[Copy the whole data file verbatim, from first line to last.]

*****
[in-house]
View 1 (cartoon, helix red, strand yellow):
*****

[in-house]
View 1 (cartoon, helix red, strand yellow):